Nova Scotia’s NDP has taken to regurgitating the demagogic ignorance and malice of Newfoundland’s former Conservative Premier Danny Williams in the NDP’s recent Youtube ad attacking a political opponent for proposing Hydro Quebec as an alternative supplier for the province.
The thrust of the NDP’s claim is that Hydro Quebec is not a good energy supplier to do business with.
To illustrate the ignorance of the NDP’s rant, consider Hydro Quebec as a supplier from the perspective of consumers in Vermont. HQ has been a reliable supplier to Vermont for decades. In 2010, Vermont consumers got a 26-year, market-indexed deal with a starting price of 5.8 cents/kWh.
Compare that with the Muskrat Madness the NDP is defending. During the first 5 years of the deal, Nova Scotia consumers get a discount on the block of power that Emera has contracted. With the discount, the price is only about 11 cents/kWh. By 2022, the price jumps to 16 cents/kWh then escalates from there (see figure Figure 4-4 of Exhibit M-2 of Nova Scotia Power Maritime Link’s application to the NS regulator). While it is true that Emera is hoping to dilute down this absurdly high cost by buying surplus energy from Newfoundland at a price close to what HQ now charges Vermont, those rates and volumes are uncontracted.
Nova Scotia’s NDPers are trying to score political points by joining a Newfoundland tradition of bad mouthing the Upper Churchill power deal signed with Hydro Quebec in the 1960s. Rather than rehashing the twisted Williams version of ancient history, it would be more informative for Nova Scotians to consider Hydro Quebec’s recent record of dealing with Newfoundland and Newfoundland’s own recent track record of dealing with other power interests.
Starting in 2009, Quebec negotiated an agreement allowing Newfoundland to wheel power from the Upper Churchill that Newfoundland has rights to — so-called “recall” power — but is in excess of Labrador’s needs. This excess recall power is wheeled through Quebec’s grid to the U.S. border for sale to other utilities. In addition, Hydro Quebec has waived its rights to the TwinCo power block when it expires in 2014 — another key element of the Upper Churchill deal from the 1960s.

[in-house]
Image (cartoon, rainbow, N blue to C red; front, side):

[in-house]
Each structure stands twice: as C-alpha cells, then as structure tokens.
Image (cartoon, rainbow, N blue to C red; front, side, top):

Both of these recent negotiated settlements look to me like exemplary fairness on behalf of Hydro Quebec.
If any province faces a credibility challenge as a supplier to Nova Scotia, it isn’t Quebec but Newfoundland.
Newfoundland capriciously and unfairly treated participants in its 2005 “Expression of Interests (EOI) and Proposals” process related to Lower Churchill development. For the announcement canceling the EOI process see: NL cancels EOI. Many firms and government agencies participated in good faith in that EOI process, only to have Newfoundland pull the rug out from under them.
The Newfoundland government’s actions in confiscating power assets from Abitibi in 2008 should also raise questions about the risks of depending on Newfoundland as a supplier.
Post script Feb 28, 2:30 pm EST:
The Halifax Chronicle Herald today has an editorial discussing the NDP’s attack ad and making the point that it is bad form for the government to politicize an issue that is currently before the utility regulator. Here is the editorial.
Another example of a utility that has benefitted immensely from a close commercial relationship with Hydro Quebec is NB Power. NB Power announced yesterday what appears to me to be an excellent investment in the refurbishment of a transmission connection asset linking HQ with NBP.